18. Determinants of conditioned reinforcing effectiveness: Dopamine D2-like receptor agonist-stimulated responding for cocaine-associated stimuli.

    PubMed

    Collins, Gregory T; France, Charles P

    2015-12-15

    Environmental stimuli associated with drug use can take on conditioned properties capable of promoting drug-seeking behaviors during abstinence. This study investigated the relative importance of the amount of reinforced responding, number of cocaine-stimulus pairings, total cocaine intake, and reinforcing effectiveness of the self-administered dose of cocaine to the conditioned reinforcing effectiveness of cocaine-associated stimuli (CS). Male rats were trained to self-administer cocaine (0.1 [small] or 1.0mg/kg/inf [large]) under a fixed ratio schedule of reinforcement. A progressive ratio (PR) schedule was used to quantify the reinforcing effectiveness of each dose of cocaine, as well as the conditioned reinforcing effectiveness of the CS following treatment with saline or the dopamine D2-like receptor agonist pramipexole (0.1-3.2mg/kg). The large dose of cocaine maintained larger final ratios and greater levels of cocaine intake, whereas the small dose resulted in more cocaine-CS pairings. The total amount of responding was comparable between groups. During PR tests of conditioned reinforcement, pramipexole increased responding for CS presentations in both groups; however, the final ratio completed was significantly greater in large- as compared to small-dose group. In addition to highlighting a central role for dopamine D2-like receptors in modulating the effectiveness of cocaine-paired stimuli to reinforce behavior, these results suggest that conditioned reinforcing effectiveness is primarily determined by the reinforcing effectiveness of the self-administered dose of cocaine and/or total cocaine intake, and not the total amount of responding or number cocaine-stimulus pairings. These findings have implications for understanding how different patterns of drug-taking might impact vulnerability to relapse. PMID:26593427

  19. Proerectile effects of dopamine D2-like agonists are mediated by the D3 receptor in rats and mice.

    PubMed

    Collins, Gregory T; Truccone, Andrew; Haji-Abdi, Faiza; Newman, Amy Hauck; Grundt, Peter; Rice, Kenner C; Husbands, Stephen M; Greedy, Benjamin M; Enguehard-Gueiffier, Cecile; Gueiffier, Alain; Chen, Jianyong; Wang, Shaomeng; Katz, Jonathan L; Grandy, David K; Sunahara, Roger K; Woods, James H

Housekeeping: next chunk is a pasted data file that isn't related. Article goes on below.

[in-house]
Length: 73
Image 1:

2009-04-01

    Dopamine D(2)-like agonists induce penile erection (PE) and yawning in a variety of species, effects that have been suggested recently to be specifically mediated by the D(4) and D(3) receptors, respectively. The current studies were aimed at characterizing a series of D(2), D(3), and D(4) agonists with respect to their capacity to induce PE and yawning in the rat and the proerectile effects of apomorphine [(R)-(-)-5,6,6a,7-tetrahydro-6-methyl-4H-dibenzo-[de,g]quinoline-10,11-diol hydrochloride] in wild-type and D(4) receptor (R) knockout (KO) mice. All D(3) agonists induced dose-dependent increases in PE and yawning over a similar range of doses, whereas significant increases in PE or yawning were not observed with any of the D(4) agonists. Likewise, D(2), D(3), and D(4) antagonists were assessed for their capacity to alter apomorphine- and pramipexole (N'-propyl-4,5,6,7-tetrahydrobenzothiazole-2,6-diamine dihydrochloride)-induced PE and yawning. The D(3) antagonist, PG01037 [N-{4-[4-(2,3-dichlorophenyl)-piperazin-1-yl]-trans-but-2-enyl}-4-pyridine-2-yl-benzamide hydrochloride], inhibited the induction of PE and yawning, whereas the D(2) antagonist, L-741,626 [3-[4-(4-chlorophenyl)-4-hydroxypiperidin-l-yl]methyl-1H-indole], reversed the inhibition of PE and yawning observed at higher doses. The D(4) antagonist, L-745,870 [3-(4-[4-chlorophenyl]piperazin-1-yl)-methyl-1H-pyrrolo[2,3-b]pyridine trihydrochloride], did not alter apomorphine- or pramipexole-induced PE or yawning. A role for the D(3) receptor was further supported because apomorphine was equipotent at inducing PE in wild-type and D(4)RKO mice, effects that were inhibited by the D(3) antagonist, PG01037, in both wild-type and D(4)R KO mice. Together, these studies provide strong support that D(2)-like agonist-induced PE and yawning are differentially mediated by the D(3) (induction) and D(2) (inhibition) receptors. These studies fail to support a role for the D(4) receptor in the regulation of PE or

  20. In the Blink of an Eye: Relating Positive-Feedback Sensitivity to Striatal Dopamine D2-Like Receptors through Blink Rate

    PubMed Central

    Groman, Stephanie M.; James, Alex S.; Seu, Emanuele; Tran, Steven; Clark, Taylor A.; Harpster, Sandra N.; Crawford, Maverick; Burtner, Joanna Lee; Feiler, Karen; Roth, Robert H.; Elsworth, John D.; London, Edythe D.

    2014-01-01

    For >30 years, positron emission tomography (PET) has proven to be a powerful approach for measuring aspects of dopaminergic transmission in the living human brain; this technique has revealed important relationships between dopamine D2-like receptors and dimensions of normal behavior, such as human impulsivity, and psychopathology, particularly behavioral addictions. Nevertheless, PET is an indirect estimate that lacks cellular and functional resolution and, in some cases, is not entirely pharmacologically specific. To identify the relationships between PET estimates of D2-like receptor availability and direct in vitro measures of receptor number, affinity, and function, we conducted neuroimaging and behavioral and molecular pharmacological assessments in a group of adult male vervet monkeys. Data gathered from these studies indicate that variation in D2-like receptor PET measurements is related to reversal-learning performance and sensitivity to positive feedback and is associated with in vitro estimates of the density of functional dopamine D2-like receptors. Furthermore, we report that a simple behavioral measure, eyeblink rate, reveals novel and crucial links between neuroimaging assessments and in vitro measures of dopamine D2 receptors. PMID:25339755